NAGOYA (Reuters) - As Toyota 7203.T prepares to nearly halve production at Japanese factories, a regional governor said on Thursday he would offer 400 billion yen ($3.72 billion) in emergency loans for small and mid-size companies including Toyota's suppliers.
Toyota Motor Corp’s headquarters are in Aichi Prefecture, at Toyota City, which was named after the company in the 1950s to reflect its role as the biggest employer in the region.
“(Toyota is) not only the backbone of Aichi prefecture’s economy but all of Japan,” Aichi governor Hideaki Ohmura told Reuters, adding that it kept valuable manufacturing jobs in Japan while other companies exported their factories abroad.
Japan is a major production hub for Toyota and its domestic manufacturing network is heavily concentrated in Aichi, Japan’s industrial heartland where more than 40% of the cars built in Japan are made.
Toyota and its affiliates operate more than half of Aichi’s plants.
Ohmura said Toyota and its top tier suppliers supported more than 55,000 jobs in the region and thousands more through smaller suppliers.
“We need to be able to support the demand when there’s a rebound and to do that we need to properly support the auto companies’ small and medium suppliers,” he said.
He said his proposal for the 400 billion yen in loans would be part of a package of measures the prefectural assembly was due to adopt on Friday.
Toyota has said it expects to produce 40% fewer cars than initially planned in May after it began to significantly reduce output at its Japanese plants this month, due to plummeting demand for export models including those shipped to the United States and the Middle East due to the coronavirus.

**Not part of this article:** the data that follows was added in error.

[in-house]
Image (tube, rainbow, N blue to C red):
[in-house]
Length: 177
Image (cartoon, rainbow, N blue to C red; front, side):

Toyota has said it will stop production on a staggered basis through mid-May at five of its domestic plants which produce high-volume models including the Prius gasoline hybrid, the Corolla hatchback and the Camry sedan.
For years, Toyota has pledged to maintain an annual domestic production level of 3 million vehicles, roughly one-third of its global output, in Japan to support jobs and hone manufacturing skills.
More than 11,500 people have tested positive for the novel coronavirus in Japan and nearly 300 have died. Aichi has had 443 confirmed cases.
Manufacturing plants in Japan have been permitted to keep operating during the outbreak, and the powerful auto lobby has said it would try to avoid suspending output while prioritising worker safety.
Automakers and their suppliers are also considering industry-led financial support for struggling firms.
Reporting by Mari Saito and Ami Miyazaki; Additional reporting by Naomi Tajitsu; Editing by Robert Birsel
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